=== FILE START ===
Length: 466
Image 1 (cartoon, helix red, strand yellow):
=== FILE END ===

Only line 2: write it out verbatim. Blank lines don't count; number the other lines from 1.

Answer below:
Image 1 (cartoon, helix red, strand yellow):